Sunday, October 3, 2010

So Much Catechesis Needed: 41 Percent of US Catholics Still Don't Get Real Presence

The latest Pew Research Center poll on Religious Knowledge in American results are in: 41% of American Catholics polled answered that Catholicism teaches that the bread and wine used for Communion are symbols of the body and blood of Jesus. Although 55% get it right, and there is evidence that variables such as whether or not they regularly attend church, have more education, etc seem to affect the outcome, it is still rather sad.

Just as sad is the fact that Catholics are 1.1 percent below the national overall average in overall correct answers to this survey, which consisted of questions about the most prevalent religions in America. Atheists often, frankly, scored higher. Of great concern, too, is the outcome that Hispanics score lowest overall on this test of religious literacy, showing how much work is to be done among them, as they leave predominantly Catholic homelands and come to the US, a land of religious pluralism, where many of them are proselytized by other faiths.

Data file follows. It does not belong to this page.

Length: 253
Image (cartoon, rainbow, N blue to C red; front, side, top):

All of this points to a huge need for better catehesis.  When such a large percentage of people who identify themselves as Catholic cannot tell you that the consecrated bread and wine are really the Body and Blood of Jesus, we have failed to communicate one of the central truths of our faith. It is no wonder Mass attendance continues to dwindle - we have somehow failed to show people why it even matters.

I will be interested in seeing the three-night televised special on the results of this survey: "God in America", set to air on PBS on October 11-13.


  1. Wow! You are right! If only 55% of Catholics actually know that the Eucharist is really the Body and Blood of Jesus, we have serious work to do. Well, that's job security right?

  2. Well, yes - but it also says we need to work harder! I am really convinced that we have failed to help people discover why faith is important - why they should even care if the Eucharist is Jesus.